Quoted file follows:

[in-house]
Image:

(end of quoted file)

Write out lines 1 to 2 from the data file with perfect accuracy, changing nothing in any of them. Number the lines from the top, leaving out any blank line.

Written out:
[in-house]
Image: